Error Establishing Database Connection

Posted July 21, 2017 3.3k views

I’ve been having this issue since I setup this droplet roughly a month ago. I’m paying for the $10 WordPress server which should be more than capable of handing this website. It’s 10 pages are receiving virtually no traffic. I have websites on the $5 servers that are much larger and handle daily traffic fine.

I’ve installed htop and sometimes if I click around too quickly in Wordpress it causes the server to use to much ram. That’s not much of an issue. The issue is the server randomly crashing hundreds of times a day.

I don’t believe it’s my theme or my plugins. I’ve used this same theme and plugins on other websites with no problems.

Also, I followed the instruction on how to turn off XML-RPC so that won’t be the cause.

I have hundreds of these each day.
/var/log/mysql/error.log:2017-07-21T14:16:46.127753Z 0 [ERROR] InnoDB: Cannot allocate memory for the buffer pool
/var/log/mysql/error.log:2017-07-21T14:17:16.670788Z 0 [ERROR] InnoDB: Cannot allocate memory for the buffer pool
/var/log/mysql/error.log:2017-07-21T14:17:47.151463Z 0 [ERROR] InnoDB: Cannot allocate memory for the buffer pool
/var/log/mysql/error.log:2017-07-21T14:18:17.705673Z 0 [ERROR] InnoDB: Cannot allocate memory for the buffer pool

2017-07-21T20:33:11.925586Z 0 [Warning] TIMESTAMP with implicit DEFAULT value is “`
deprecated. Please use –explicitdefaultsfortimestamp server option (see documentation for more details).
2017-07-21T20:33:11.930052Z 0 [Note] /usr/sbin/mysqld (mysqld 5.7.19-0ubuntu0.16.04.1) starting as process 14555 …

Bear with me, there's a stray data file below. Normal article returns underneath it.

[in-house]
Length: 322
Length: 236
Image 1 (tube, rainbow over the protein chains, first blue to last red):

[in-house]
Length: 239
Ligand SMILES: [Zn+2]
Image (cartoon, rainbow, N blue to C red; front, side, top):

2017-07-21T20:33:11.949845Z 0 [Note] InnoDB: PUNCH HOLE support available
2017-07-21T20:33:11.949895Z 0 [Note] InnoDB: Mutexes and rw
locks use GCC atomic builtins
2017-07-21T20:33:11.949905Z 0 [Note] InnoDB: Uses event mutexes
2017-07-21T20:33:11.949911Z 0 [Note] InnoDB: GCC builtin _atomicthreadfence() is used for memory barrier
2017-07-21T20:33:11.949916Z 0 [Note] InnoDB: Compressed tables use zlib 1.2.8
2017-07-21T20:33:11.949937Z 0 [Note] InnoDB: Using Linux native AIO
2017-07-21T20:33:11.951436Z 0 [Note] InnoDB: Number of pools: 1
2017-07-21T20:33:11.953206Z 0 [Note] InnoDB: Using CPU crc32 instructions
2017-07-21T20:33:11.957165Z 0 [Note] InnoDB: Initializing buffer pool, total size = 128M, instances = 1, chunk size = 128M
2017-07-21T20:33:11.976546Z 0 [Note] InnoDB: Completed initialization of buffer pool
2017-07-21T20:33:11.982923Z 0 [Note] InnoDB: If the mysqld execution user is authorized, page cleaner thread priority can be changed. See the man page of setpriority().
2017-07-21T20:33:12.003975Z 0 [Note] InnoDB: Highest supported file format is Barracuda.
2017-07-21T20:33:12.008146Z 0 [Note] InnoDB: Log scan progressed past the checkpoint lsn 262544310
2017-07-21T20:33:12.008204Z 0 [Note] InnoDB: Doing recovery: scanned up to log sequence number 262544319
2017-07-21T20:33:12.008216Z 0 [Note] InnoDB: Database was not shutdown normally!